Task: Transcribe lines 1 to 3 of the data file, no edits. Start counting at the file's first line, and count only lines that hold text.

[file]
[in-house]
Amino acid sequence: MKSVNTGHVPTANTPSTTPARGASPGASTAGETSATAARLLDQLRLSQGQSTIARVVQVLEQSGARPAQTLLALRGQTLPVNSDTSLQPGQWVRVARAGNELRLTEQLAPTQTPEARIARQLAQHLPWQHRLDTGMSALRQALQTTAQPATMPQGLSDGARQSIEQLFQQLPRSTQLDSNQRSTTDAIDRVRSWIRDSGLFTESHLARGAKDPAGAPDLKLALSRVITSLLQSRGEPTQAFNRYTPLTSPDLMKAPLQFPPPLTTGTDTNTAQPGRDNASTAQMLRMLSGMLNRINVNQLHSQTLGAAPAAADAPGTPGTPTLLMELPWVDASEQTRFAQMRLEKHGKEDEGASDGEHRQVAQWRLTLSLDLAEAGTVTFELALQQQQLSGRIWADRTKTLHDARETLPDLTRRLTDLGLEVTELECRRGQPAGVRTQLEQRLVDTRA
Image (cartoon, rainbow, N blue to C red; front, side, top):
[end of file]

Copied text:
[in-house]
Amino acid sequence: MKSVNTGHVPTANTPSTTPARGASPGASTAGETSATAARLLDQLRLSQGQSTIARVVQVLEQSGARPAQTLLALRGQTLPVNSDTSLQPGQWVRVARAGNELRLTEQLAPTQTPEARIARQLAQHLPWQHRLDTGMSALRQALQTTAQPATMPQGLSDGARQSIEQLFQQLPRSTQLDSNQRSTTDAIDRVRSWIRDSGLFTESHLARGAKDPAGAPDLKLALSRVITSLLQSRGEPTQAFNRYTPLTSPDLMKAPLQFPPPLTTGTDTNTAQPGRDNASTAQMLRMLSGMLNRINVNQLHSQTLGAAPAAADAPGTPGTPTLLMELPWVDASEQTRFAQMRLEKHGKEDEGASDGEHRQVAQWRLTLSLDLAEAGTVTFELALQQQQLSGRIWADRTKTLHDARETLPDLTRRLTDLGLEVTELECRRGQPAGVRTQLEQRLVDTRA
Image (cartoon, rainbow, N blue to C red; front, side, top):